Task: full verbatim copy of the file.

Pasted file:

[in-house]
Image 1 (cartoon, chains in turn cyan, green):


[in-house]
Image 1 (cartoon, chains in turn cyan, green):